Background & aims: Epstein-Barr virus (EBV) has been causally associated with cancer; some gastric carcinomas have a monoclonal EBV genome in every cancer cell, indicating that they arose from a single infected progenitor cell. However, the proportion of EBV-positive gastric carcinomas is uncertain, and the etiologic significance is unknown.
Methods: We conducted a meta-analysis of 70 studies including 15,952 cases of gastric cancer assessed by in situ hybridization for EBV-encoded small RNA.
Results: The pooled prevalence estimate of EBV positivity was 8.7% (95% confidence interval [CI]: 7.5%-10.0%) overall, with a 2-fold difference by sex: 11.1% (95% CI: 8.7%-14.1%) of gastric cancer cases in males vs 5.2% (95% CI: 3.6%-7.4%) of cases in females. Tumors arising in the gastric cardia (13.6%) or corpus (13.1%) were more than twice as likely to be EBV-positive as those in the antrum (5.2%; P < .01 for both comparisons). EBV prevalence was 4 times higher (35.1%) for tumors in postsurgical gastric stump/remnants. Over 90% of lymphoepithelioma-like carcinomas were EBV positive, but only 15 studies reported any cases of this type; prevalence did not significantly differ between the more common diffuse (9.5%) [corrected] and intestinal (7.6%) [corrected] histologies. EBV prevalence was similar in cases from Asia (8.3%), Europe (9.2%), and the Americas (9.9%).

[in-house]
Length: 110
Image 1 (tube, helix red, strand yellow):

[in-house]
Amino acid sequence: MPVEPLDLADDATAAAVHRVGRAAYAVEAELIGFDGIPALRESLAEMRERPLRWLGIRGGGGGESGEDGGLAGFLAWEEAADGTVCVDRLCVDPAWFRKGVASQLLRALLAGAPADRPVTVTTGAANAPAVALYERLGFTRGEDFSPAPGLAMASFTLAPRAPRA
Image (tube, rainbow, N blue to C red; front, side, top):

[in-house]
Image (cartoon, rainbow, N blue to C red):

Conclusions: EBV-positive gastric cancers greatly differ from other gastric carcinomas based on sex, anatomic subsite, and surgically disrupted anatomy, indicating that it is a distinct etiologic entity. Epidemiologic studies comparing EBV-positive and -negative gastric cancers are warranted to investigate EBV's role in gastric carcinogenesis.